“Diamond Courage,” Part 5


Chapter 5

Welcome and Unwelcome

June, 1862

We knew the Confederates would counterattack, so we began our preparations to meet them. I was cleaning my rifle when I looked up to see a carriage coming along down the road. It was clearly not an army vehicle, and I wondered what civilian would come here so close to danger.

A sentry stopped the carriage and, after a brief conversation, gestured in my direction. As it drew nearer, I recognized the carriage as Eleanor’s, and wondered what she would want of me. I have been sending her what little information I could gather, so I surmised she was not displeased with me.

The black vehicle stopped not too far from where I stood, and the driver got down and came over to me. “Mrs. Perry requests your presence with her in the cabin of her conveyance.”

Of course, I went over. She probably would have had me shot if I did not comply. I opened the door and climbed in, but could see little because of the dimness of the interior. I knew she was there, though.

She spoke first. “Caleb, you disappoint me.”

“Why? I have sent you reports.”

“Reports with little information and many inaccuracies.”

“I am doing the best I can. A common soldier is not privy to many military secrets.”

“That is why I have come. What would you say to joining the War Department, where you could hear many things?”

I was silent. I had a thousand questions, but I said, “I do not think that is a plan. It is one thing to be around ordinary soldiers and hear what I can: it is another to be part of the highest levels of planning. They will not trust someone such as I or find out who I truly am.”

She laughed. “That will be your mission, to maintain the subterfuge and gather some truly useful information. Gather your belongings. You are coming with me.”

She laughed again. “You are not considering the power I hold because of my wealth. How do you supposed I made the arrangements for you to walk among the councils of the mighty?”

“I’m sure I don’t want to know.”

“I shall tell you anyhow. It was not only by virtue of my wealth that I have made it possible for you to be privy to many secrets. I’m sure you can fill in that blank.”

You are indeed an evil woman, I thought. I cannot begin to fathom how evil you are.

Reluctantly, I gathered my belongings. Joel came over. “Are you going somewhere?” he asked.

“Yes, I am for Washington and the War Department.”

“Who has summoned you?”

“I regret I cannot say.”

He reflected on this momentarily. “Since it is such a great secret, I must surmise that it is President Lincoln who calls you.”

If only it were Lincoln, I thought. “You may surmise as you wish. I may say no more.” I put out my hand. “It was my good fortune to fight with you.”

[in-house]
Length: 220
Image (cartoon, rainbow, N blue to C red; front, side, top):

He looked puzzled. We were nowhere each other on the field of battle since I was in hiding, but he took my hand anyhow. “Take care for your safety.  You are a fine fellow.”

“How might my safety be threatened in the capital? It is strongly fortified, and I have no care for that.”

“There are other threats in that city that have nothing to do with guns and bullets.”

You know much about my situation, I thought, but I can say nothing of it, so I said, “Farewell, my friend. May we meet again soon.”

“That is my wish as well. Good-bye.”

He walked away, and I felt badly that I could not reveal my true identity and purpose. Such deception was hard on me, but I felt I must endure it for the sake of my family. I walked back to the carriage and climbed in.

“Make yourself comfortable. We have a long journey ahead of us.”

I know, I thought. I walked every step of it.

Still exhausted from being in the battle, I soon fell asleep. I was soon awakened by the stopping of the carriage. “What is wrong? Why are we stopping?”

Eleanor smiled her thin smile and said, “Do you really think I want to take a day and a half to return to Washington? We are stopped at Beaverdam Depot where we will take the train. That will take about three hours.”

I looked out and saw a locomotive with a coach and box car attached. “We will ride in my private coach, of course, while the carriage, horse and coachman will pass the journey in the box car.”

“You must have some influence to use the railroad during war time.”

She smiled again. “You have no inkling of the extent of my ability to accomplish what I wish to.”

I’m not sure I want to know what else you’re capable of, I thought.

“It is time for us to board the train. I am anxious to be back in Washington.”

I climbed down from the carriage first, and started to make my way to the coach. Eleanor put her head out. “Is it not customary for a gentleman to assist a lady from her carriage?”

I turned back. I would have done it right away were there a lady in the carriage, I thought, but it does not hold a lady. I helped her down, and noted how tightly she held my hand. She went to embrace me, but I stiffened. She drew back.

“Do you not wish for me to embrace you, after all I have done for you? You would probably be dead by now were it not for me.”

I reluctantly gave her a stiff embrace, and as we pulled apart, she kissed me passionately. I tore myself away. “I may not do such things! I am a married man!”

“But your wife is far away.”

“That makes no difference.”

“We will have more time in the coach to disport ourselves.”

“I will do no such thing. Leave me here.”

Her face was a mask of fury. “If you stay, I will see that you are put on the lines where there is greatest danger. Surely you would not survive that. So, it is your choice: go with me and live, or stay here and die.”

I considered hard, and finally decided to go with her, since I wished to see Laurel and little Caleb again. “Very well, I will go, but I will do nothing to compromise my principles.”

She smiled archly. “We shall see about that.”

With that, we go onto the coach. The engineer put the train into motion, and we were off.




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